What you need to know about the benefits of your baby’s first food
Although you may hear some mothers complain that their breastmilk has taken a long time to come in, there is an amazing “first milk” that typically supplies everything your baby will need during the first few days of his or her life. Colostrum is this incredible milk and is often referred to as “liquid gold” because of its tremendous health benefits to babies. Here are some facts every new mother needs to know about colostrum.
Colostrum contains antibodies to protect your baby from illnesses
Like breastmilk, colostrum provides numerous antibodies to the baby through its powerful white blood cells. These cells can attack harmful bacteria that may cause your baby to get sick during his first few days of life. For this reason, both colostrum and breastmilk are actually closer to human blood than they are to infant formula in their amazing ability to fight off disease and illness.
Colostrum acts as a “laxative” to stimulate the baby’s bowels
As the mother feeds her baby colostrum in the first few days, it helps the baby to pass the first stool. This stool is referred to as meconium and contains bilirubin. Bilirubin is a substance that causes newborn jaundice if it is not removed through stool and urine. If you breastfeed your baby frequently in the first few days after birth, you can indeed help to reduce her risk of deveoping jaundice.
Colostrum contains healthy nutrition for newborns
Colostrum is quite high in protein content as well as lower in fat and sugar. This makes colostrum an ideal first food for the baby not only in terms of nutrition, but for the baby to be able digest more easily than other nutritional supplements such as infant formula.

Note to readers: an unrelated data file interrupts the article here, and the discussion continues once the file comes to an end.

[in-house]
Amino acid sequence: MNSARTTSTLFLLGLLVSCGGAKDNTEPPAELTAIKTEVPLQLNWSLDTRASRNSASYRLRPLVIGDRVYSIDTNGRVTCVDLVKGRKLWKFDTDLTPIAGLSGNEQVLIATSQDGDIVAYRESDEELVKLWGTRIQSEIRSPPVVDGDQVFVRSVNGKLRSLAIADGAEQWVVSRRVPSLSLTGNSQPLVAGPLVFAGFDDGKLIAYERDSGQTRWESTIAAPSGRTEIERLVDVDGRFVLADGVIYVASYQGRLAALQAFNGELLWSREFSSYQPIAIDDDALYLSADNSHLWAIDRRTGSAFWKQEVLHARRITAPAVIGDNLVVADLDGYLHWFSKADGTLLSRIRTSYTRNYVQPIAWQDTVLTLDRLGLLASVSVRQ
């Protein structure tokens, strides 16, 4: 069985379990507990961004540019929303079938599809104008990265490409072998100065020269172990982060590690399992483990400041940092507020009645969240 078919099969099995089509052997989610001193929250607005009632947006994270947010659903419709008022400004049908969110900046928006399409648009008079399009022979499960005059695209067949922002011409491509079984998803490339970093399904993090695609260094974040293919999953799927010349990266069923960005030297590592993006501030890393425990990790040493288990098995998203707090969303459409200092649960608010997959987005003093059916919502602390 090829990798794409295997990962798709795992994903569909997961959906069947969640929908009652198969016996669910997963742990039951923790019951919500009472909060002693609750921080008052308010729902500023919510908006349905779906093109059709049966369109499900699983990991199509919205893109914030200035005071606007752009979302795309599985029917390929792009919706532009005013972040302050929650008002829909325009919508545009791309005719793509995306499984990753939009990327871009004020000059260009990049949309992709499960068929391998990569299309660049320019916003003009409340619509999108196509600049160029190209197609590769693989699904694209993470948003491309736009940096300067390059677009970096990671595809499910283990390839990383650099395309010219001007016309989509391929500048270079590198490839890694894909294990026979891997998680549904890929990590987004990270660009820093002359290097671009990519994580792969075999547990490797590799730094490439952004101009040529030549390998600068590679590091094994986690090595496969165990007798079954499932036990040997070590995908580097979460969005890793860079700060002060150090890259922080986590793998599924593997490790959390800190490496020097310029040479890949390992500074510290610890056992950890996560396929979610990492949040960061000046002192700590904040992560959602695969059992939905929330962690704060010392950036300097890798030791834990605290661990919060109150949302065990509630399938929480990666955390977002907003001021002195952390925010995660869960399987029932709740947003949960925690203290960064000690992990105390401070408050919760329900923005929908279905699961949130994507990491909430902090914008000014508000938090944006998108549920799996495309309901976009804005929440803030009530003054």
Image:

Colostrum lines the baby’s digestive tract with good bacteria
As the baby swallows colostrum, it coats the entire digestive tract to prevent harmful bacteria from clinging to the walls of the intestines. In this way, colostrum acts as a seal to protect the baby from potential illness.
The small quantity of colostrum aids in digestion
While mothers often worry that the quantity of colostrum is too small for their baby, this smaller amount is actually easier for the baby’s gastrointestinal system. Remember that your baby has not needed to digest his own food, so the smaller quantity in each feeding (often not much more than 1/4 oz) is actually the ideal amount for your baby in these early days of adjusting to life outside the uterus and digesting his own food for the first time.
For more information about breastfeeding, read the entire series!